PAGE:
I've been tasked with upgrading our network and could use some input. We have 2 networks coming in currently to a single C7206VXR. We are now adding a second 7206 and wish to use it properly to better balance our traffic and add some much-needed redundancy. We have a distribution layer consisting now of 5 Dell PowerConnect 5224s, which are replacing 100M C3500s.

Each 7206 has a PNE-G1 w/3 gigE ports, plus 2x PA-GE GigE and 2x 100M Ethernet cards.

General idea:

[net1]     [net2]
   |         |        <- NPE-G1 port
[7206] <-> [7206]
   |         |        <- PA-GE port
[sw1 ]       |
 [sw2 ] <----+
  [sw3 ]
   [sw4 ]
  1. Should I connect each incoming network to a separate 7206, then cross-connect the 2 7206s? If so, should I advertise the routes between the two dynamically or by using static routes?

  2. At the distribution layer I am placing 2 switches in each of our 2 cabinets. How should I connect the 2 7206s? I initially though about designating a network to each switch, but should I instead just cascade all the switches and connect each 7206 to a different switch? OR, since I have 5 gigE ports on the routers, should I connect all the switches directly to the routers?

My goal is to use each of the components as efficiently as possible.

  • Normally, you only have one or two distribution switches, to which the access switches connect. Can these four distribution switches be stacked?
    – Ron Maupin
    Oct 10, 2016 at 17:03
  • Are you running BGP with your ISPs, or do you only have default routes?
    – Ron Maupin
    Oct 10, 2016 at 17:05
  • Hey Ron. No, BGP is a whole other issue. Currently default routes. At some point I need to get this piece in.
    – AaplMike
    Oct 10, 2016 at 17:07
  • They can be stacked, which I now think would be the best. They'd be presented as one giant switch then, correct? If so, I could use VLANs to assign ports to networks, yes? It just boils down then to the best way to connect the edge routers to the switches so that if I lose a router, I can still keep the LAN up.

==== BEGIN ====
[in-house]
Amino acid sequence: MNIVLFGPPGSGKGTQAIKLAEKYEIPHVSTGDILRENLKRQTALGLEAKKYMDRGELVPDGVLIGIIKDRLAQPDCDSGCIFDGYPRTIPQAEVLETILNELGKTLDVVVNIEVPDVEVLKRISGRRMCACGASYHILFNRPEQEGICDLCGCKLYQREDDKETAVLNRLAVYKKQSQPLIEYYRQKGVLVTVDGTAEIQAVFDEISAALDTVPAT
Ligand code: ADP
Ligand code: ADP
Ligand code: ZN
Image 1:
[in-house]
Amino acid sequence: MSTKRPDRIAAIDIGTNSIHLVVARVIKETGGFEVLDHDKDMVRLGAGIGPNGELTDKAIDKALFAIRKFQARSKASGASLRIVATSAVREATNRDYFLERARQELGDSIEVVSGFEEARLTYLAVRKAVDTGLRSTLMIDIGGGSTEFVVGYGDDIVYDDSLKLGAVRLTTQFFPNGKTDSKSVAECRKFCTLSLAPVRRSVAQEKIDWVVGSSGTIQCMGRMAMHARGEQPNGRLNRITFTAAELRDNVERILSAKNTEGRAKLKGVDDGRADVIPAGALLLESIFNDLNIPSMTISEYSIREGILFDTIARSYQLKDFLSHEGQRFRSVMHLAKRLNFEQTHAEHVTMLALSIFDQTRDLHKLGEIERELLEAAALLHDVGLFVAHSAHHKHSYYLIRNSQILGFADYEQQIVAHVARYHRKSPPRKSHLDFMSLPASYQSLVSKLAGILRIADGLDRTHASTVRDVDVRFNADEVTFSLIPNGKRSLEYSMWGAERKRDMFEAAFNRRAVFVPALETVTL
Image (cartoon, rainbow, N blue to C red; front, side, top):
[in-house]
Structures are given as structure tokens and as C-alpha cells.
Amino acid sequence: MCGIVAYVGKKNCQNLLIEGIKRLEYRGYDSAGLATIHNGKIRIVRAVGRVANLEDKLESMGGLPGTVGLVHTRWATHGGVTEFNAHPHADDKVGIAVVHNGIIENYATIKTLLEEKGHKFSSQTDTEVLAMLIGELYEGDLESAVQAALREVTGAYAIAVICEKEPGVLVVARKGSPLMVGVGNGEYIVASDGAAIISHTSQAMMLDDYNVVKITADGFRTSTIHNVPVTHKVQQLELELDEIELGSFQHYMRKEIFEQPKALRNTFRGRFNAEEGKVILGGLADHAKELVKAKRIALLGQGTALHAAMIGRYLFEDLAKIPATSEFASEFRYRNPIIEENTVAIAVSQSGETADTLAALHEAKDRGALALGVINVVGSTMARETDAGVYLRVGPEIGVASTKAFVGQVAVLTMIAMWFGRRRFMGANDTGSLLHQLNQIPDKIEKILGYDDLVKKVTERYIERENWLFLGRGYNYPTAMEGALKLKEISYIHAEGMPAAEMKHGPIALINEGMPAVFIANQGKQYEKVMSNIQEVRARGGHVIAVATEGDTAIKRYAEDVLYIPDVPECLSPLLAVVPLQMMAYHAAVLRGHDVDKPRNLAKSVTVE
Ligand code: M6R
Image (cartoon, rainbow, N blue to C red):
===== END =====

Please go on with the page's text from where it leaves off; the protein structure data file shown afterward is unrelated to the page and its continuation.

– AaplMike
    Oct 10, 2016 at 17:08
  • Yes. Are they layer-3 switches? If so, you can handle all the LAN routing on them, leaving the WAN routing to the WAN routers.
    – Ron Maupin
    Oct 10, 2016 at 17:10

1 Answer 1


Since you can stack the four switches to look like a single switch, that would be a good thing to do. It greatly simplifies things.

You probably should connect the two WAN routers to each other, then you can run a routing protocol between them, and it can route traffic from one to the other without needing to go through a user VLAN and the switch(es). With default routes, you want the primary router to have a lower AD than the other on the default route. Run a routing protocol between them, and configure HSRP or VRRP on the VLANs with tracking of the WAN link for failover to the other router.

Connect each WAN router to a different switch in the stack.

Connect the access switches with a connection to each of two separate switches in the stack, and you can channel the links together. This is much, much faster to converge in a failover situation; it doesn't need to wait for STP to converge.

  • As for connecting the two 7206's together, would I just use a /30 between two unused ports and let RIP figure out the routes on the other sides?
    – AaplMike
    Oct 10, 2016 at 18:45
  • You can use a /30 if you are more comfortable with that, but Cisco fully supports the /31 for point-to-point links that was allowed by RFC 3021. You probably want to use OSPF, rather than RIP. If do you use RIP, make sure it is configured as version 2 with no auto-summary.
    – Ron Maupin
    Oct 10, 2016 at 18:49
  • What do you think about using BGP in the 7200 and just trunked etherchannel between the 7200s and down to the switches?
    – AaplMike
    Oct 10, 2016 at 22:01
  • You don't trunk between routers, you trunk between switches. You only need a single link between the routers, but you must create subinterfaces using dot1Q to the switches for the VLANs. You could use iBGP, but I would only do that if you are really going to get eBGP connections to the ISPs. If you are just going to keep default routes, then iBGP is really too much for just two routers. You are better off with something like OSPF because it can automatically use a link cost to determine the best path in the case of a link failure.
    – Ron Maupin
    Oct 10, 2016 at 22:06

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